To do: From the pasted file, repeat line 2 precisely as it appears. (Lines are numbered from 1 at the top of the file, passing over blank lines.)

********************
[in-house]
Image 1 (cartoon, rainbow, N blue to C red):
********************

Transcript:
Image 1 (cartoon, rainbow, N blue to C red):